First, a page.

‘The Prime Minister desires me to urge upon you by the unanimous advice of the Ministers that sufficient troops should be dispatched to Natal immediately to enable the colony to be placed in a state of defence against an attack from the Transvaal and the Orange Free State. I am informed by the General Officer Commanding, Natal, that he will not have enough troops, even when the Manchester Regiment arrives, to do more than occupy Newcastle and at the same time protect the colony south of it from raids, while Laing’s Nek, Ingogo River and Zululand must be left undefended. My Ministers know that every preparation has been made, both in the Transvaal and the Orange Free State, which would enable an attack to be made on Natal at short notice. My Ministers believe that the Boers have made up their minds that war will take place almost certainly, and their best chance will be, when it seems unavoidable, to deliver a blow before reinforcements have time to arrive. Information has been received that raids in force will be made by way of Middle Drift and Greytown and by way of Bond’s Drift and Stangar, with a view to striking the railway between Pietermaritzburg and Durban and cutting off communications of troops and supplies. Nearly all the Orange Free State farmers in the Klip River division, who stay in the colony usually till October at least, have trekked, at great loss to themselves; their sheep are lambing on the road, and the lambs die or are destroyed. Two at least of the Entonjanani district farmers have trekked with all their belongings into the Transvaal, in the first case attempting to take as hostages the children of the natives on the farm. Reliable reports have been received of attempts to tamper with loyal natives, and to set tribe against tribe in order to create confusion and detail the defensive forces of the colony. Both food and warlike stores in large quantities have been accumulated at Volksrust, Vryheid and Standerton. Persons who are believed to be spies have been seen examining the bridges on the Natal Railway, and it is known that there are spies in all the principal centres of the colony. In the opinion of Ministers, such a catastrophe as the seizure of Laing’s Nek and the destruction of the northern portion of the railway, or a successful raid or invasion such as they have reason to believe is contemplated, would produce a most demoralising effect on the natives and on the loyal Europeans in the colony, and would afford great encouragement to the Boers and to their sympathisers in the colonies, who, although armed and prepared, will probably keep quiet unless they receive some encouragement of the sort. They concur in the policy of her Majesty’s Government of exhausting all peaceful means to obtain redress of the grievances of the Uitlanders and authoritatively assert the supremacy of Great Britain before resorting to war; but they state that this is a question of defensive precaution, not of making war.’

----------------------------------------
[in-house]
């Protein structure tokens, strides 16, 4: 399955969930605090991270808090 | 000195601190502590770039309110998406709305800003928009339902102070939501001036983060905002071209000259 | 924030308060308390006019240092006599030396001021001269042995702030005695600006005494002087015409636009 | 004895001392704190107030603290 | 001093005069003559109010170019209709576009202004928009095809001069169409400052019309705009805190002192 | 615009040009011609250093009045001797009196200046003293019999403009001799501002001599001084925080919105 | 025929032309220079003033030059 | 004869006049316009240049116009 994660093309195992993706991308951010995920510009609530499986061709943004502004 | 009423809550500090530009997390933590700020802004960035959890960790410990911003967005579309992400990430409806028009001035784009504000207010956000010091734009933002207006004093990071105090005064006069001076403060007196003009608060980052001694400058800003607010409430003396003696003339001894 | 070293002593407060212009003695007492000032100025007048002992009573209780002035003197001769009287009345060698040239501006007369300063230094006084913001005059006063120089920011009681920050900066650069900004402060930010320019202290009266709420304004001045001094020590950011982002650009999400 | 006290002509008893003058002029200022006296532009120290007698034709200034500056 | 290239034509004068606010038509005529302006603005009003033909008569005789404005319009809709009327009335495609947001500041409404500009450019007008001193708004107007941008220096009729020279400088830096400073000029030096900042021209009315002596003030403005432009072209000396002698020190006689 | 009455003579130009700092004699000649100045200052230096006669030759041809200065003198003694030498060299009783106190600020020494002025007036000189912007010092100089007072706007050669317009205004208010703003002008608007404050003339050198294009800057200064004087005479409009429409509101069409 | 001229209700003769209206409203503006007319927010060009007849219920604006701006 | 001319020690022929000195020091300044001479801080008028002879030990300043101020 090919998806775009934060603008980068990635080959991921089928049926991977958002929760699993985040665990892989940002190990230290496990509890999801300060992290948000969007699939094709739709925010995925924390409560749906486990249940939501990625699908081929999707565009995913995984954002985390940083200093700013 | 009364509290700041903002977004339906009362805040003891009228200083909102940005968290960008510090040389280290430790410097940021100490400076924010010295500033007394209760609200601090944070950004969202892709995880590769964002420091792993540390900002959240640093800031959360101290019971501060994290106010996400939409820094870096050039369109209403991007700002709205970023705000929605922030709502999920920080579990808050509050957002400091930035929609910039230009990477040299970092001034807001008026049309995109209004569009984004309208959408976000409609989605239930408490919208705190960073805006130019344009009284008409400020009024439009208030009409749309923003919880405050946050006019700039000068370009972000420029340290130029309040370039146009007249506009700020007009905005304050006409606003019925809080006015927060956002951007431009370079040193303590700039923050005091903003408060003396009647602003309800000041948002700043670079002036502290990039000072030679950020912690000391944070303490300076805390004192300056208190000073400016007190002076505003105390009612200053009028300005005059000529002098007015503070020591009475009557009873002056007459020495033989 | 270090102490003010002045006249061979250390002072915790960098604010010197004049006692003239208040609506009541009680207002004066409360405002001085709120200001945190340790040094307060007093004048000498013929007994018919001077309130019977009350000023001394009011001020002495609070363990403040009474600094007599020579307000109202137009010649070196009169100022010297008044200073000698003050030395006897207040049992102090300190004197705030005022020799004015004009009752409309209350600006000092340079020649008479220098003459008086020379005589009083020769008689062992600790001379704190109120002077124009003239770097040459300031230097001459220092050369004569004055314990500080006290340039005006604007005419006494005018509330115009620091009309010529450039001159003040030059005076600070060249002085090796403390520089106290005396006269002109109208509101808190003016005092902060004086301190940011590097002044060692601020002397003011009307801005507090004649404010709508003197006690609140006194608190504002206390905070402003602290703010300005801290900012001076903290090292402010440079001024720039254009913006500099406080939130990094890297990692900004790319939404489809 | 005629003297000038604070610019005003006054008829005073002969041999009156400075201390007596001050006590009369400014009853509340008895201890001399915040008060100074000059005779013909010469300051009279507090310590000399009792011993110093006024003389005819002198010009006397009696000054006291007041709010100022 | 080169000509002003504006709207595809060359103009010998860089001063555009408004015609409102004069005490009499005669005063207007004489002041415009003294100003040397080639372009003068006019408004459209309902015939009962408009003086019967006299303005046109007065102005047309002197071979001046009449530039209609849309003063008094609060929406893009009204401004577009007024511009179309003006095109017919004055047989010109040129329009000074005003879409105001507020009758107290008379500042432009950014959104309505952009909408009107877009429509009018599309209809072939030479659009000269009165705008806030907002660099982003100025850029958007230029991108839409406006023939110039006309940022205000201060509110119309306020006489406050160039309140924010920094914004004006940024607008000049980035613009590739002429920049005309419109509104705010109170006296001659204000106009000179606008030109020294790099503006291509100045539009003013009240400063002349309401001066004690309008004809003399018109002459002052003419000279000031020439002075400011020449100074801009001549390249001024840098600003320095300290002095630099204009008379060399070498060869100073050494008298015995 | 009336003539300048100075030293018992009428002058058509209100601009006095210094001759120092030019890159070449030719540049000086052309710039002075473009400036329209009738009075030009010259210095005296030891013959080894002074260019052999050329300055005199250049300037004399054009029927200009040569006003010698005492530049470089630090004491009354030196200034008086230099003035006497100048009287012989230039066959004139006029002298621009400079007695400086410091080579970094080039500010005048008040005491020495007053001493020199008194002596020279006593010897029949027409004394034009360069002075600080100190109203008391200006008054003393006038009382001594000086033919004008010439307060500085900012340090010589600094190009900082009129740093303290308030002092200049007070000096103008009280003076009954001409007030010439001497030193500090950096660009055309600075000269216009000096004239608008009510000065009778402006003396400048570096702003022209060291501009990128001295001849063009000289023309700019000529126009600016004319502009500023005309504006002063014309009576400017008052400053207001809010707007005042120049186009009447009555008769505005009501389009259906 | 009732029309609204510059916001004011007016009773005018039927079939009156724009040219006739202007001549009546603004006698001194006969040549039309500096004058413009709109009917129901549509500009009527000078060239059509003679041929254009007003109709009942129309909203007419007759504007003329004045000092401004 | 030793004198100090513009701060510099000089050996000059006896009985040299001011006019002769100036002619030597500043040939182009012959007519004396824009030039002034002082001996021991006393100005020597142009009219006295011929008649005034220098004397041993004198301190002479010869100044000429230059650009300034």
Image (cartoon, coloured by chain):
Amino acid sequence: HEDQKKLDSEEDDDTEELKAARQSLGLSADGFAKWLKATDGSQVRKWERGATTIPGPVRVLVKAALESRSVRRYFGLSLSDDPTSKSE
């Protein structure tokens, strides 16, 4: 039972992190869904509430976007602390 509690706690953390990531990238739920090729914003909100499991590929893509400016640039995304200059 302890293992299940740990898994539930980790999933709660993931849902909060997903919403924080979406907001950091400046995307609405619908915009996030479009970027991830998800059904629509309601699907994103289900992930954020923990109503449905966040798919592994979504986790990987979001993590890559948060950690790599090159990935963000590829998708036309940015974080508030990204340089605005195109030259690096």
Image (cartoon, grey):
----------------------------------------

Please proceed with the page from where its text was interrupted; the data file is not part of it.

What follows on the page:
In answer to these and other remonstrances the garrison of Natal was gradually increased, partly by troops from Europe, and partly by the dispatch of five thousand British troops from India. The 2nd Berkshires, the 1st Royal Munster Fusiliers, the 1st Manchesters, and the 2nd Dublin Fusiliers arrived in succession with reinforcements of artillery. The 5th Dragoon Guards, 9th Lancers, and 19th Hussars came from India, with the 1st Devonshires, 1st Gloucesters, 2nd King’s Royal Rifles and 2nd Gordon Highlanders. These with the 21st, 42nd, and 53rd batteries of Field Artillery made up the Indian Contingent. Their arrival late in September raised the number of troops in South Africa to 22,000, a force which was inadequate to a contest in the open field with the numerous, mobile, and gallant enemy to whom they were to be opposed, but which proved to be strong enough to stave off that overwhelming disaster which, with our fuller knowledge, we can now see to have been impending.

As to the disposition of these troops a difference of opinion broke out between the ruling powers in Natal and the military chiefs at the spot. Prince Kraft has said, ‘Both strategy and tactics may have to yield to politics ‘; but the political necessity should be very grave and very clear when it is the blood of soldiers which has to pay for it. Whether it arose from our defective intelligence, or from that caste feeling which makes it hard for the professional soldier to recognise (in spite of deplorable past experiences) a serious adversary in the mounted farmer, it is certain that even while our papers were proclaiming that this time, at least, we would not underrate our enemy, we were most seriously underrating him. The northern third of Natal is as vulnerable a military position as a player of kriegspiel could wish to have submitted to him. It runs up into a thin angle, culminating at the apex in a difficult pass, the ill-omened Laing’s Nek, dominated by the even more sinister bulk of Majuba. Each side of this angle is open to invasion, the one from the Transvaal and the other from the Orange Free State. A force up at the apex is in a perfect trap, for the mobile enemy can flood into the country to the south of them, cut the line of supplies, and throw up a series of entrenchments which would make retreat a very difficult matter. Further down the country, at such positions as Ladysmith or Dundee, the danger, though not so imminent, is still an obvious one, unless the defending force is strong enough to hold its own in the open field and mobile enough to prevent a mounted enemy from getting round its flanks. To us, who are endowed with that profound military wisdom which only comes with a knowledge of the event, it is obvious that with a defending force which could not place more than 12,000 men in the fighting line, the true defensible frontier was the line of the Tugela. As a matter of fact, Ladysmith was chosen, a place almost indefensible itself, as it is dominated by high hills in at least two directions.